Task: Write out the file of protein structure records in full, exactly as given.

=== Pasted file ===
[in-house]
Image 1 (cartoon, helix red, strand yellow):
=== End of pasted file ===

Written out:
[in-house]
Image 1 (cartoon, helix red, strand yellow):